Majority of World's Sea Turtles Ingest Human Rubbish
Karla Tecson - IBTimes
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September 15, 2015

Sea Turtles Swallowing Record-High Amounts of Plastic Waste (GeoBeats News)

More than half of the world’s sea turtles have ingested plastic or other human rubbish which can result to health problems and even deaths, claims an international study led by a University of Queensland. The east coasts of Australia and North America, Southeast Asia, southern Africa and Hawaii were cited as areas particularly dangerous for turtles because of debris loads and high species diversity.

Plastic ingestion can kill turtles by blocking the gut or piercing the gut wall and can cause other problems through the release of toxic chemicals into the animals’ tissues. To determine the extent of debris ingestion among turtles, the researchers examined threats to six marine turtle species from an estimated four million to 12 million tonnes of plastic which enter the oceans annually. In the risk analysis, it emerged that olive ridley turtles were at the highest risk due to their feeding behaviour and distribution. Olive ridley turtles commonly eat jellyfish and other floating animals, and often feed in the open ocean, where debris accumulates.

“Australia and North America are lucky to host a number of turtle species, but we also therefore have a responsibility to look after our endangered wildlife. One way to do that is to reduce the amount of debris entering the oceans via our rivers and coastlines,” says Dr Qamar Schuyler from UQ's School of Biological Sciences, who led the study. In a previous research, Schuyler and his colleagues showed that turtles and other wildlife accidentally eat plastics and other litter that entered the marine environment or mistake it for food.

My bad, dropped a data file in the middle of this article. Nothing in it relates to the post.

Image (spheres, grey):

The new research, which appeared in Global Change Biology, corroborates the results of a similar study on seabirds published in 2014 by CSIRO collaborator Dr Chris Wilcox and colleagues. Wilcox and his team discovered that more than 60 per cent of seabird species had ingested debris, and that number was expected to reach 99 per cent by 2050. “We now know that both sea turtles and seabirds are experiencing very high levels of debris ingestion, and that the issue is growing. It is only a matter of time before we see the same problems in other species, and even in the fish we eat,” noted Wilcox.

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